determining, by one or more computing devices, a threshold probability for precaching accessible objects, wherein the threshold probability corresponds to a likelihood that one or more contacts in a user's social graph will access an object;
identifying, by one or more computing devices, a particular object associated with a user computing device of the user, wherein the user computing device has accessed the particular object;
determining, by the one or more computing devices, a content associated with the particular object and one or more content categories associated with the determined content;
determining, by the one or more computing devices, a geographic location of a computing device of a social graph contact of the user;
determining, by the one or more computing devices, one or more interests of the social graph contact;
determining, by the one or more computing devices and for the computing device of the social graph contact of the user, a probability that the computing device of the social graph contact will access the particular object, the probability determined based at least in part on:
a correspondence of one or more particular determined interests of the social graph contact to one or more particular content categories of the object; and
a strength of connection between the social graph contact and the user within the social graph;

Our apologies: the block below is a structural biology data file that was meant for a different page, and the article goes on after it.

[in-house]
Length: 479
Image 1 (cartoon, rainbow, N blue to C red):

determining, by the one or more computing devices, that the probability that the computing device of the social graph contact will access the particular object meets or exceeds the threshold probability for precaching accessible objects;
in response to determining that the probability that the computing device of the contact will access the particular object meets or exceeds the threshold probability:
determining, by the one or more computing devices, one or more access point locations near the computing device of the social graph contact; and
identifying, by the one or more computing devices, a precaching location to cache the particular object based on the determined one or more access point locations near the computing device of the social graph contact, wherein the precaching location is less than a predetermined distance from the geographic location of the computing device of the contact or wherein communication between the precaching location and the geographic location requires less than a predetermined number of intervening devices.
2. The method of claim 1, further comprising precaching, by the one or more computing devices, the particular object at the determined precaching location.
3. The method of claim 1, further comprising:
determining, by the one or more computing devices, that the particular object has previously been precached at a first location near the computing device of the social graph contact;
identifying, by the one or more computing devices, a centralized location to precache the particular object, wherein the centralized precaching location is located near both the first location and the identified precaching location to precache the particular object; and
precaching, by the one or more computing devices, the particular object at the centralized location.
4. The method of claim 3, wherein the centralized location is the same location as either the first location or the identified precaching location to precache the particular object.